A young girl who benefited from ITN in Kaboji
PSJ’s Preventing Childhood Malaria Deaths in rural Mashegu began in 2008 as the first community-based intervention to tackle the age long scourge of malaria in rural Mashegu. With contributions and donations from hundreds of our donors, the project has made real impact in reducing the infant deaths in the communities that have had contact with the project. This project is unique because it reaches villages of last mile; villages that have suffered repeated denials of basic social services.
For the first time in history, pregnant and nursing mothers had access to free insecticide treated nets (ITNs) in rural Mashegu. For some of them, it was the first time in their lives they saw and knew what an ITN looks like. Because of this project, hundreds of children in rural Mashegu were able to attain the milestone of their fifth birthday alive. Because of this project, thousands of nursing mothers were saved the nightmare of giving birth to very low birth weight babies. You!, our donors, brought blessing and hope to thousands of poor families in the communities we serve through your donations. As we look back to those initial periods, I remember the story of a 19 year old mother of two who was full of gratitude for PSJ’s malaria team’s intervention in saving the life of her 18month old daughter who was treated and cured of severe malaria. In addition, she received and ITN free of charge. Since then, because of your repeated donations to this project, we have been on the offensive against malaria in the communities we serve. Thank you for your generosity. Moving forward, we continue to seek resources to expand our offensive beyond Mashegu to other local areas and rural communities who are under attack from malaria. During this quarter, our community outreach took PSJ’s malaria project team to Kaboji village where the team conducted the following activities.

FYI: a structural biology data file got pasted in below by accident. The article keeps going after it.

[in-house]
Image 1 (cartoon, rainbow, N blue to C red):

i.) Health education on malaria prevention with specific focus on behavior change and environment sanitation including clearing grasses and broken bottles, plastics or containers that could hold water from the vicinity of their houses. PSJ facilitators used the local Hausa language and IEC material to educate villagers how malaria is transmitted, early clinical signs and symptoms, the role of mosquitoes, the need for early diagnosis and treatment especially for infants, under-5 children and pregnant women as well as how female anopheles mosquitoes that transmit malaria can be eliminated through environmental sanitation.
ii.) Thereafter, the team conducted a demonstration session on how to use and maintain insecticide treated nets, PSJ’s malaria team distributed 40 insecticide treated nets to 40 lucky pregnant women and nursing mothers with young infants (see photos attached).
iii.) 48 sick infants and under-five children were treated for malaria by health workers who were part of the team. The outreach was very timely as it took place during the period when malaria transmission is highest. Villagers especially mothers were very appreciative of the outreach and for the ITNs they received. They however appealed for more frequent visits by the malaria team. They thanked Physicians for Social Justice and you our donors for your generosity and philanthropy.